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Title: Racetrack memory based logic design for in-memory computing
Authors: Luo, Tao
Keywords: DRNTU::Engineering::Computer science and engineering:
Issue Date: 2018
Source: Luo, T. (2018). Racetrack memory based logic design for in-memory computing. Doctoral thesis, Nanyang Technological University, Singapore.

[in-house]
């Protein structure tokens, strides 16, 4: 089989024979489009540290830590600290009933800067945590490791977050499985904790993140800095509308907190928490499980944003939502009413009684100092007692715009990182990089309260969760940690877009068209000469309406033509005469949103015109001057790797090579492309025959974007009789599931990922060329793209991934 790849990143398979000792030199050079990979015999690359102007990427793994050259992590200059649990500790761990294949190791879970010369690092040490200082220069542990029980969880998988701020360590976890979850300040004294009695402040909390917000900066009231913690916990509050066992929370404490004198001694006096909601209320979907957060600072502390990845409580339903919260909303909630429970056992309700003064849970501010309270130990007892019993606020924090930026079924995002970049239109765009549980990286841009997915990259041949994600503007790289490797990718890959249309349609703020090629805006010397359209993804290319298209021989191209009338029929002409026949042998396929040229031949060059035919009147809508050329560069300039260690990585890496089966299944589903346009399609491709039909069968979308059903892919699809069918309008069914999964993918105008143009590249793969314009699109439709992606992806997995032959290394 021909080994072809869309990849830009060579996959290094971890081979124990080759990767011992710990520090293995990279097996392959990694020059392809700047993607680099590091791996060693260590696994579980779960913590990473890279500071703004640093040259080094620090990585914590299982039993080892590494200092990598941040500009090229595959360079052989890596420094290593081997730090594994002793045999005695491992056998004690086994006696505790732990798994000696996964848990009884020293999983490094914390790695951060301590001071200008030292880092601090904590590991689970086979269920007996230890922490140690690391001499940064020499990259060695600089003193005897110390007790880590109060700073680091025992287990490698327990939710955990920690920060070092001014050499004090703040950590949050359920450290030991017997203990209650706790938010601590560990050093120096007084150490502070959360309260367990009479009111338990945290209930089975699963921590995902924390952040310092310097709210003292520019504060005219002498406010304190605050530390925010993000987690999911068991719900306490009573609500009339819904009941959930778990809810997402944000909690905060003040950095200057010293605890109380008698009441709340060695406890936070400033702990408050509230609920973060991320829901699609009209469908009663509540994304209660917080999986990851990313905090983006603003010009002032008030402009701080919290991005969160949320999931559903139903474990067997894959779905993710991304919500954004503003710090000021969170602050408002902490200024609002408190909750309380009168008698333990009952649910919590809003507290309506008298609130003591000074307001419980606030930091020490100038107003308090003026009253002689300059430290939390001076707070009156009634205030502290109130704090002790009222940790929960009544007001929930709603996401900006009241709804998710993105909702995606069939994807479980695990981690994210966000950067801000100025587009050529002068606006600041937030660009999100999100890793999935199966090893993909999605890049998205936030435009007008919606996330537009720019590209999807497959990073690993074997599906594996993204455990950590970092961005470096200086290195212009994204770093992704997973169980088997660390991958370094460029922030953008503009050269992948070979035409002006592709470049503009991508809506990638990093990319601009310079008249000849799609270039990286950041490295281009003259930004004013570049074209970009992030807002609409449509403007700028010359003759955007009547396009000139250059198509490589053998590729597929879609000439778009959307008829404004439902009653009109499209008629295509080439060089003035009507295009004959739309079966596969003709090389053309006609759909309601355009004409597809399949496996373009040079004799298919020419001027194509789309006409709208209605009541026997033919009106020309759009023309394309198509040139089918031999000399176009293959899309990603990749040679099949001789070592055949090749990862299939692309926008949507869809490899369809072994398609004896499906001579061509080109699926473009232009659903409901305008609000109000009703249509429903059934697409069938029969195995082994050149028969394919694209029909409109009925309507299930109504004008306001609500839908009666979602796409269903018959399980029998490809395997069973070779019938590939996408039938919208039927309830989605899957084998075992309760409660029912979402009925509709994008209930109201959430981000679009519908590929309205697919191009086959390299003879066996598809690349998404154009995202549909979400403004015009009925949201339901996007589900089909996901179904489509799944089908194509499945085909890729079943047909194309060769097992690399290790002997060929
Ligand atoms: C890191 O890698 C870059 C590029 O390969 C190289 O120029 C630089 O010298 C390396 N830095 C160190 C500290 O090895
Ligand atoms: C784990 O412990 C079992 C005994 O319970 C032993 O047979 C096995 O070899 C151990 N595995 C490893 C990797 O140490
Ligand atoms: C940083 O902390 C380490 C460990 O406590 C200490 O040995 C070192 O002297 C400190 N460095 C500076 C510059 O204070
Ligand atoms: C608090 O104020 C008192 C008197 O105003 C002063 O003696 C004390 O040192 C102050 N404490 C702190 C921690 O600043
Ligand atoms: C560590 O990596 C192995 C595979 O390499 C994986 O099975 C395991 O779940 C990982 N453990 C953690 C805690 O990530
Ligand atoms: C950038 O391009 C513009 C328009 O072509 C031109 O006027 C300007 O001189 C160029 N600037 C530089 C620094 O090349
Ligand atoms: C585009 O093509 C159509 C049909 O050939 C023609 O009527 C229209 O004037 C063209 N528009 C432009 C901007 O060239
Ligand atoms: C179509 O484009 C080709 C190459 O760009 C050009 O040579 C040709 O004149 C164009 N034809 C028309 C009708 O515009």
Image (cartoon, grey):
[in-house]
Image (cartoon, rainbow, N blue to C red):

Abstract: In-memory computing has been demonstrated to be an efficient computing infrastructure in the big data era for many applications such as graph processing and encryption. The area and power overhead of CMOS technology based memory design is growing rapidly because of the increasing data capacity and leakage power along with the shrinking technology node. Thus, a newly introduced emerging memory technology, racetrack memory, is proposed to increase the data capacity and power efficiency of modern memory systems. As the design requirements of the conventional logic are different from that of the emerging memory based logic for in-memory computing, the conventional well-developed CMOS technology based logic designs are less relevant to the emerging memory based in-memory computing. Therefore, novel logic designs for racetrack memory are required. Traditional logic design with separate chips is focusing on high speed, which causes large area and power consumption. Implementing efficient logic design for in-memory computing is challenging due to the demanding requirement for area and power. Firstly, as the computing logic for in-memory computing is built in memory, the available area budget is limited, otherwise the data density of the memory system would be affected. Secondly, due to the thermal constraint of the memory chip, the available energy budget for computing logic design is limited. Large energy consumption may cause malfunction and even permanent damage to the memory chip because of high temperature. Finally, the adoption of emerging memory technologies makes the logic design more challenging due to their unique characteristics such as the sequential access mechanism of racetrack memory. This thesis addresses the above challenges in racetrack memory based in-memory logic design as follows. First, for general computing operations, we first propose racetrack memory based half and full adders The proposed magnetic full adder is implemented with pre-charged sense amplifiers (PCSA) and magnetic tunnel junctions (MTJ). By reusing parts of the logic design, the magnetic full adder significantly improves the area and energy efficiency compared with CMOS-based full adder and the state-of-the-art magnetic full adder. Second, based on the proposed magnetic full adder, we propose a pipelined Booth multiplier by exploring the inherent sequential access mechanism of racetrack memory, which achieves high area and energy efficiency. In order to increase the throughput of proposed Booth multiplier, we further parallelize the generation and addition of the partial products of the proposed Booth multiplier. Unlike the area- and energy-consuming adder array architecture in conventional CMOS technology based designs, the proposed multiplier utilizes a weight-based parallel architecture. In order to ensure the high energy efficiency, we propose an optimization that transforms the energy-demanding write operations to shift operations. With this optimization, the weight-based parallel multiplier achieves high throughput while maintaining high area and energy efficiency. Third, for specific applications, we propose an efficient racetrack memory based design to accelerate modular multiplication. Modular multiplication is widely used in various applications such as cryptography, number theory, group theory, ring theory, knot theory, abstract algebra, computer algebra, computer science, chemistry and the visual and musical arts. In order to implement modular multiplication efficiently, a novel two-stage scalable modular multiplication algorithm is proposed to significantly reduce the delay. An efficient architecture based on racetrack memory is further developed to reduce the number of required adders. Racetrack memory based application specific design for modular multiplication shows significant improvement compared with the state-of-the-art CMOS technology based implementation in area, energy, and performance. Overall, this thesis has made contributions to address the challenges in racetrack memory based in-memory logic design, and we demonstrate significant improvements in terms of area overhead and energy consumption in comparison with the state-of-the-art CMOS technology based logic design.
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